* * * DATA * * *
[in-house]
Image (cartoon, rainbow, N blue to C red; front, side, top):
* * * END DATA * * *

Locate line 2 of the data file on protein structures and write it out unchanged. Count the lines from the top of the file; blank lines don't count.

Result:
Image (cartoon, rainbow, N blue to C red; front, side, top):